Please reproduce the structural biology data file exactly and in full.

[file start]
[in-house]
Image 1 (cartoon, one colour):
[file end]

[in-house]
Image 1 (cartoon, one colour):